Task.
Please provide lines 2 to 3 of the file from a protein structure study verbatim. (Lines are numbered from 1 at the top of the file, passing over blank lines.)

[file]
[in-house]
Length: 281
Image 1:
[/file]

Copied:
Length: 281
Image 1: